# How does Stitching capacitor provide shortest return current path between plane splits, as we know that it blocks DC current?

I heard that Stitching capacitors are used to provide shortest return path whenever a signal is routed along the 2 power plane splits. As we know the return current path will be right under the trace. So how does the stitching capacitor provide shortest return path? As we already know that capacitor blocks DC current. So when I connect a stitching capacitor, how does return current flows through the capacitor?

We're only talking about high frequencies here. If there is a DC connection, then there would be no need to split a plane. If you split the plane there is a loop created that has some area. That means there is inductance in the return path and a voltage can appear if the current changes suddenly (as when a signal switches). That's undesirable- it upsets the signal and emits EMI, and the reason why (rule of thumb) you should not pass a signal trace over a split in a plane if you can avoid it.

If you cannot avoid it, then the next best thing is to make the plane appear to be one contiguous sheet of copper to high frequencies- by stitching capacitors across the trace near (say on either side) of the signal trace.

Similar issues will occur with signals piercing multiple internal planes.

Initially, I thought it was a bit like this circuit:

simulate this circuit – Schematic created using CircuitLab

But then I found information here: http://www.hottconsultants.com/techtips/pcb-stack-up-6.html. From what I gather, stitching capacitors are only to reduce EMI etc, so it doesn't come into play for DC. So as far as I can tell, it acts as a coupling capacitor. So something like this:

simulate this circuit

Perhaps someone can confirm? The source I linked to mentions inductances which my diagram doesn't touch on, but perhaps it's the same principle?

• +1 This is quite close- but think of the plane split as an inductor rather than a resistor. – Spehro Pefhany Apr 24 '15 at 12:18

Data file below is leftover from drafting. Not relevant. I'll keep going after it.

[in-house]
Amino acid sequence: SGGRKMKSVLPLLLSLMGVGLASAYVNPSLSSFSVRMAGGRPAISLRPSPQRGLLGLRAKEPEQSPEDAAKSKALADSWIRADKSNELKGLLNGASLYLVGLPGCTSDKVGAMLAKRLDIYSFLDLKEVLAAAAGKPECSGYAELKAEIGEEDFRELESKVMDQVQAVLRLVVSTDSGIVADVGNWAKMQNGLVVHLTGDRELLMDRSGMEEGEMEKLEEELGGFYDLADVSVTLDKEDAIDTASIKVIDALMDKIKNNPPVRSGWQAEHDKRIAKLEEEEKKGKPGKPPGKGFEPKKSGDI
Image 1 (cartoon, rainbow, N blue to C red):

1. Splitting a plane is done to permit more than one voltage or ground return region to be used on a single layer. For example, you could have 5VDC, 3.3VDC, 12VDC, and 1.2VDC all on the same layer by splitting the plane into isolated regions of copper for each voltage. Likewise, you could have an analog ground region on the same plane layer as a digital ground region by splitting the copper into isolated regions.

2. Each EDA package has its own way of defining the net assigned to a split plane region. It depends on what software you are running.

3. The "rules" for split planes really are design considerations for the signal layers that are adjacent to the planes. For example, you want to avoid routing a signal trace over the void between splits - it creates a discontinuity in the trace impedance that has to be compensated for with bypass capacitors. You want to avoid running a signal trace over a split that is unrelated to the signal (for example, you wouldn't want to run an analog signal trace over a region of digital ground returns, or a sensitive signal over a split used to supply power to relays).

4. You can have splits on as many plane layers as you want. Just keep in mind the signal sensitivities noted above. Also remember that the splits on different plane layers that belong to a single net have to be connected together such that you have a sensible current flow from source to sink. All of that copper couples to nearby board structures capacitively - you need to be sure that you control that coupling to protect signal integrity and prevent EMI.